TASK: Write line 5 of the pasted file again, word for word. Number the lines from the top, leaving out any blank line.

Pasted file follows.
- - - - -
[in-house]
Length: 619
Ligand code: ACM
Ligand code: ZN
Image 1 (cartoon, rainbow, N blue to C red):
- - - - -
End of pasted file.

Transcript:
Image 1 (cartoon, rainbow, N blue to C red):